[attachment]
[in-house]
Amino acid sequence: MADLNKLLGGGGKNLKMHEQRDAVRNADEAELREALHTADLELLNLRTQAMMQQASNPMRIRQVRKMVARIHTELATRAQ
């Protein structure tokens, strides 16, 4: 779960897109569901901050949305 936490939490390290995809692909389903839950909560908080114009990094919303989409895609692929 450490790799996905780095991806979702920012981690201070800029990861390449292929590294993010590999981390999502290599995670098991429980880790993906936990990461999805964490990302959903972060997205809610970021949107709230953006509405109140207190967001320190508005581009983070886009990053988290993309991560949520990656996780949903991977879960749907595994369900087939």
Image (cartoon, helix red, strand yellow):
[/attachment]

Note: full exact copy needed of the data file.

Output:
[in-house]
Amino acid sequence: MADLNKLLGGGGKNLKMHEQRDAVRNADEAELREALHTADLELLNLRTQAMMQQASNPMRIRQVRKMVARIHTELATRAQ
């Protein structure tokens, strides 16, 4: 779960897109569901901050949305 936490939490390290995809692909389903839950909560908080114009990094919303989409895609692929 450490790799996905780095991806979702920012981690201070800029990861390449292929590294993010590999981390999502290599995670098991429980880790993906936990990461999805964490990302959903972060997205809610970021949107709230953006509405109140207190967001320190508005581009983070886009990053988290993309991560949520990656996780949903991977879960749907595994369900087939």
Image (cartoon, helix red, strand yellow):